Black-legged tick (pictured above right) - The black-legged tick is about the size of the head of a pin and can be found in many parts of the United States. It is known to be a carrier of Lyme disease, especially the ticks found in New York, New England and parts of the Midwest.
American dog tick (pictured right) - This type of tick is very common and is also found in many parts of the United States. It is much larger than the black-legged tick and can grow up to one-half inch long. It sometimes carries a disease called the Rocky Mountain Spotted Fever.
More details on each of these diseases are discussed further down the page.
Ticks are found in woods, fields, around water and in un-mowed grassy areas all over the world...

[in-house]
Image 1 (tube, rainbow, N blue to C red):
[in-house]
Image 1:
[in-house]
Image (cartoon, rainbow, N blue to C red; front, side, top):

There are certain areas of the South, Southeast and Midwest United States that may have a higher number of ticks, but they can still be found in the mountains of the West and in the plains states.
Long story short…we are rarely in the clear.
Dogs that are allowed to run loose on a farm, in a field or in the woods are much more likely to come in contact with ticks.
The ticks can attach themselves to your dog, feed on their blood, then drop off wherever they please to lay their eggs. Each fat, blood-engorged tick can lay up to 6,500! Obviously you don’t want this happening anywhere near your residence.
Ticks are in abundance during the summer months of April to August. If your dog plays in the back yard, make sure that the grass is cut on a regular basis. If your dog goes for a run in the woods, make sure to groom him and remove any ticks before letting him back in the car or your home.
It is also possible for small ticks to crawl inside the ears of your dog. If you get back from a hike and your dog is shaking his head vigorously for no apparent reason, take him into the veterinarian to get your dog’s ears checked.
Ticks can cling onto you and your dog's skin, clothes or head. Since their bites are not painful, you may not even notice, but they can carry some pretty serious diseases.